We Need Barcelona’s Hidden Radical History Now More Than Ever

In the United States, there is a mighty and deeply reactionary movement for historical erasure. Its aims are nothing less than to prevent teaching the truth about the ugliest parts of the history of this country. The bewitching, paradoxical city of Barcelona presents a vision of what it could look like if such a movement were to reach its goals.

Barcelona is a city adorned with the world’s most beautiful architecture, art, sports, and food. It’s also a city where, despite the best efforts by small but determined groups of people, its history remains muffled and marginalized. Every main civic artery seems to have infinite side streets with all kinds of storefronts that seem to specialize in hidden historical gems. It is in these shops and among these treasures that one can envision the Barcelona that could have been; the Barcelona envisioned by the radicals of the 1930s who fought the forces of General Francisco Franco in the Spanish Civil War and saw a People’s Barcelona as a tangible reality: a city that could be not only a bulwark against fascism but als0 a model for a society run by workers, or, to use Orwell’s phrase, “a town where the working class was in the saddle.”

To walk down La Rambla, the long promenade of trendy shops in the heart of the city—practically every third one selling knockoff products that celebrate the Barcelona Football Club—and to also know that this space saw some of the bloodiest street fighting of the Spanish Civil War is jarring. To be among restaurants framed by walls where there is still damage from fascist air bombing campaigns or firing squads, unadorned by any plaque or marker, would disturb even a cynic. To visit the Pablo Picasso museum and see room after room of genius and mastery of diverse artistic styles, yet to see no mention of his radical politics and a curious absence of his works of the 1930s is equally disconcerting, like if one went to the Muhammad Ali Center in Louisville and saw no mention of the years 1966–70. Perhaps his most famous work, Guernica, which captures the horrors of fascist aggression, is housed in Madrid—the city that was the base of Franco’s power—which feels more like insult than tribute.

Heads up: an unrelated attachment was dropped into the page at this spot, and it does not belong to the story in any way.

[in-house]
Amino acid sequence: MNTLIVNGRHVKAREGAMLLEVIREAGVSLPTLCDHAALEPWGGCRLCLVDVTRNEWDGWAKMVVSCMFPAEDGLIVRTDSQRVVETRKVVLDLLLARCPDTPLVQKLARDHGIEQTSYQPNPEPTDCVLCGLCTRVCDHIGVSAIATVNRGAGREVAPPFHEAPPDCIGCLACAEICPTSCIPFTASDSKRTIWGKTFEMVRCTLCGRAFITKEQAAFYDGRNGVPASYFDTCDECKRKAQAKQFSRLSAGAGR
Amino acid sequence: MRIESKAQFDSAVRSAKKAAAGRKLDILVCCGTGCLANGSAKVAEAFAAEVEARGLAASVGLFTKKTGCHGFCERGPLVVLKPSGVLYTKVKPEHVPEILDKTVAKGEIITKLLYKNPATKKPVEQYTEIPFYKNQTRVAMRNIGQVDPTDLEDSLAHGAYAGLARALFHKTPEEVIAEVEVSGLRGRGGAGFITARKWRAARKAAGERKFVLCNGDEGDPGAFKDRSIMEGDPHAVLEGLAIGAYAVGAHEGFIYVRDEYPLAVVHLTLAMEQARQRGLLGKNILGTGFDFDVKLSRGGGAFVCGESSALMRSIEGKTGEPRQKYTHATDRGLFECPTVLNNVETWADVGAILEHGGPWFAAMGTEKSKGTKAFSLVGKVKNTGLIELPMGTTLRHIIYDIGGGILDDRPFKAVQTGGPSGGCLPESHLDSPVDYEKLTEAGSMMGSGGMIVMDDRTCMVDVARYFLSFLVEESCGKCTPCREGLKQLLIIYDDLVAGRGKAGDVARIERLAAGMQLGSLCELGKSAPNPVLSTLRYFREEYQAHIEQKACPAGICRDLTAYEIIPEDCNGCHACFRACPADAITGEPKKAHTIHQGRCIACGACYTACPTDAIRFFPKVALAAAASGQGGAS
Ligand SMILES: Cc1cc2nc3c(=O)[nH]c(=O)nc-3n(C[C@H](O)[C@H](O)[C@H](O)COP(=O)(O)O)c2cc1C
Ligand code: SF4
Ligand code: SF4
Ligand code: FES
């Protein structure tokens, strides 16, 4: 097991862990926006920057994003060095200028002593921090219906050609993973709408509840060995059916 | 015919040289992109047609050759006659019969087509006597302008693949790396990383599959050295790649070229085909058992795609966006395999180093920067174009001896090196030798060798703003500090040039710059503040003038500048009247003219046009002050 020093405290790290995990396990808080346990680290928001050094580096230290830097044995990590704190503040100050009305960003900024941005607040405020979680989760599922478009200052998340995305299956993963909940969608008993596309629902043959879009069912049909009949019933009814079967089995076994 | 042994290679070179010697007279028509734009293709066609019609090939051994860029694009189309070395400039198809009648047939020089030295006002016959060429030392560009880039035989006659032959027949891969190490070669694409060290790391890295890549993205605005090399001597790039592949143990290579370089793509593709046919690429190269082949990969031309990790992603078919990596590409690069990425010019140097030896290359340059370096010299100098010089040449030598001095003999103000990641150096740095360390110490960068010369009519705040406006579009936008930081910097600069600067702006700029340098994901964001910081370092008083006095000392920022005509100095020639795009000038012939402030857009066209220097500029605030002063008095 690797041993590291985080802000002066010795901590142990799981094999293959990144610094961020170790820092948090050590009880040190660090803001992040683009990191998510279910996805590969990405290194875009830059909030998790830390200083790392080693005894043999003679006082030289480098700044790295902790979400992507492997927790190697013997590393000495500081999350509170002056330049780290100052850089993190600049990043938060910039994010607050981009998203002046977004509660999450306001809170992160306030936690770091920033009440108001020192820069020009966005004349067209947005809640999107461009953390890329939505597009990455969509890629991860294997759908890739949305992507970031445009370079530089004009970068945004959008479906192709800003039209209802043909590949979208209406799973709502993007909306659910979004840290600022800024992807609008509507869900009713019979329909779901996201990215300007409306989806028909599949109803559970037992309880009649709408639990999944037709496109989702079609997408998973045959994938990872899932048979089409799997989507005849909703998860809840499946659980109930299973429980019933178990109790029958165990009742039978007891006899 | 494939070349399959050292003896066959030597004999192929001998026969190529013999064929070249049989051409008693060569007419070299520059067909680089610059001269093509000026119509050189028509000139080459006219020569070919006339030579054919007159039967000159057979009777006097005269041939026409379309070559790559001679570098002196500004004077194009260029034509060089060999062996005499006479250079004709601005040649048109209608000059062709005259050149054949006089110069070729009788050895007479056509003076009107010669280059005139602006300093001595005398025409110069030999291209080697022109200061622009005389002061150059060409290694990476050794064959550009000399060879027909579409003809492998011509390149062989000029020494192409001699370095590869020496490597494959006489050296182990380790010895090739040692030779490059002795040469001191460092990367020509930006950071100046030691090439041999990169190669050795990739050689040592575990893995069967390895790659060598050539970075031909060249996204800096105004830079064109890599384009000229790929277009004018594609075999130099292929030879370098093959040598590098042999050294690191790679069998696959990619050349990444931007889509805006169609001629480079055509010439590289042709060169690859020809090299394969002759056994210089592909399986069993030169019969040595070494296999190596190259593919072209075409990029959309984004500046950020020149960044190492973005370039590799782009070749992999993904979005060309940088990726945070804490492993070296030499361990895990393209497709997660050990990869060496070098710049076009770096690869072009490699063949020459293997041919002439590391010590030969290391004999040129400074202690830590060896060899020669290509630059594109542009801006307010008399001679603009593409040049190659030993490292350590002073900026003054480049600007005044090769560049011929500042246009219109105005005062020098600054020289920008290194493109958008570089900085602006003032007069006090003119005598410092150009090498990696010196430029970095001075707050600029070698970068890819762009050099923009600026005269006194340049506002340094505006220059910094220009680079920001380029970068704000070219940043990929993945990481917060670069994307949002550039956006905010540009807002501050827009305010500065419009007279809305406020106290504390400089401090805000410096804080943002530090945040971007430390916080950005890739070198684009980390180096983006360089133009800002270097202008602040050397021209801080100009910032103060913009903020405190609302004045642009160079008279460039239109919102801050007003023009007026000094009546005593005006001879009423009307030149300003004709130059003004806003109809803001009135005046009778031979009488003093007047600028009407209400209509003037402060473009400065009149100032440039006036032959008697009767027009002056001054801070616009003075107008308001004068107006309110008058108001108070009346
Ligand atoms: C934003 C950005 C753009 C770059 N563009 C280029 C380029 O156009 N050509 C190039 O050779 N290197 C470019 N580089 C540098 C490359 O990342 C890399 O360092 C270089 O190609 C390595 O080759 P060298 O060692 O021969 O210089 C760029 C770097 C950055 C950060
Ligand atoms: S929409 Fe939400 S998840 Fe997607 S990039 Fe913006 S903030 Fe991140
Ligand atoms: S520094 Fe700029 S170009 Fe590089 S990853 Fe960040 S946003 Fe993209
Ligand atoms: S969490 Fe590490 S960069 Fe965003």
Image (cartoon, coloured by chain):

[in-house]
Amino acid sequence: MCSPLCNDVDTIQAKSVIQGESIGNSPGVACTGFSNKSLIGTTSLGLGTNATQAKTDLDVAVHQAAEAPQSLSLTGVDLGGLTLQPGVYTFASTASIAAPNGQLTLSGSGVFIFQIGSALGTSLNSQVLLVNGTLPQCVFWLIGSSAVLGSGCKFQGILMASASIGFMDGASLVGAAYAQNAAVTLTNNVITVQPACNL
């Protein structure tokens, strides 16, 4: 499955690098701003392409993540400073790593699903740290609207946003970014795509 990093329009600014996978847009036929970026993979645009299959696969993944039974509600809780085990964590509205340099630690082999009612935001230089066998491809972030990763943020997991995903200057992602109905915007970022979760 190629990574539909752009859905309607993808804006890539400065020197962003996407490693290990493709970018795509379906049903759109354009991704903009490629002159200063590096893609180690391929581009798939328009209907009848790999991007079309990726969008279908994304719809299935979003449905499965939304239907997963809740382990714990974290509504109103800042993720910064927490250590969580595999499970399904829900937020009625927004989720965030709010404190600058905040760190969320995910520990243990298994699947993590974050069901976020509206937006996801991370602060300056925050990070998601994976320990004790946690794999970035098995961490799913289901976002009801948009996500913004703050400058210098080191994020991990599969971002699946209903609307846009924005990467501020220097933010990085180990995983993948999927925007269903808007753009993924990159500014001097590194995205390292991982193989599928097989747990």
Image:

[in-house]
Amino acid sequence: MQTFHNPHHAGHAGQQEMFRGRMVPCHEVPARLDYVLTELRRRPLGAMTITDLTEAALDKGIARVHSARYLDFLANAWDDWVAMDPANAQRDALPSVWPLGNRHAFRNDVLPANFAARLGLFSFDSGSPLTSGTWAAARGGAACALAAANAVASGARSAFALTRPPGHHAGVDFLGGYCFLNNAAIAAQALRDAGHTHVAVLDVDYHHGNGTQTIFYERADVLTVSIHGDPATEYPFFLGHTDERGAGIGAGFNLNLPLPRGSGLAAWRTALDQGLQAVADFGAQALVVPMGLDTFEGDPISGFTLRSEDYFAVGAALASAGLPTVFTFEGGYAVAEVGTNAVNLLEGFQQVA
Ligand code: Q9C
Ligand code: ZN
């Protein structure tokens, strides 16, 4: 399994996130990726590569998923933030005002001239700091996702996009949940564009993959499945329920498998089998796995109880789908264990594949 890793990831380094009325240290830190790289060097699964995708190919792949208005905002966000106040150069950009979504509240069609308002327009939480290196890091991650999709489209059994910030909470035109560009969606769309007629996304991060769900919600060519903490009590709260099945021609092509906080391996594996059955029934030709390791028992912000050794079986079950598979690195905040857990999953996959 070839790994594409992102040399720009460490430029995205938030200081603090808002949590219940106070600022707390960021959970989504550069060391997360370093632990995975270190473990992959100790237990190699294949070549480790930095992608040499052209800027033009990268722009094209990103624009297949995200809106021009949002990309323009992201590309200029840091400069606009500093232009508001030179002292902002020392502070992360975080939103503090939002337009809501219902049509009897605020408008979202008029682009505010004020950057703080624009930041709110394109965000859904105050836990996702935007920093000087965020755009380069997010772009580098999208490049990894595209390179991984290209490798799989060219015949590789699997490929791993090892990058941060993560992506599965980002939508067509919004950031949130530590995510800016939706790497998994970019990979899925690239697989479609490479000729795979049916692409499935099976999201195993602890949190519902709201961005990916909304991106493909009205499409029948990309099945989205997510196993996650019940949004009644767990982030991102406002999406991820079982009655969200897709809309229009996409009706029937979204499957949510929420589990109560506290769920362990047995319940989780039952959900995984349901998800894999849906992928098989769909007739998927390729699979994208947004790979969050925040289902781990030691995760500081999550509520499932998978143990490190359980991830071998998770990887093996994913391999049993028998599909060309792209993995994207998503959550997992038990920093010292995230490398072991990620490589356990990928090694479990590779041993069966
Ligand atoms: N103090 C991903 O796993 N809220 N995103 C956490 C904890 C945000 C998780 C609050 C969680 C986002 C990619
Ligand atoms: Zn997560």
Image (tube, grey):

You can find anarchist shops and used book stores crowded with treasures sold cheaply that by all rights should be in their own museum: posters, pins, magazines, newspapers, pamphlets—all that at one time were produced under the direst conditions albeit with the hope for a better world. The posters in particular, available for a few euros, should be framed and preserved: the phrase “¡No pasarán!” framed by women and men soldiers, armed with the cheapest weaponry but determined not to go down against Franco—and his backers Hitler and Mussolini—without a fight. This included the Abraham Lincoln Brigade, a group of leftist radicals from the United States determined to be part of the armed global struggle against fascism. Their numbers included Black sergeants in charge of white troops, something we would not see in the United States Armed Forces until the Vietnam war.

There is also a George Orwell Square, a tribute to the great socialist author whose book about the Spanish Civil War, Homage to Catalonia, still inspires and draws people like a magnet to the city, although the square is marked only by a small sign. The restaurants see an opportunity where the city refuses to look, with Orwell specials listed on menu chalkboards for tourists hungry for paella and wine.